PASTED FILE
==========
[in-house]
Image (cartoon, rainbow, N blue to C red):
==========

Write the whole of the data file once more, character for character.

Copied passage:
[in-house]
Image (cartoon, rainbow, N blue to C red):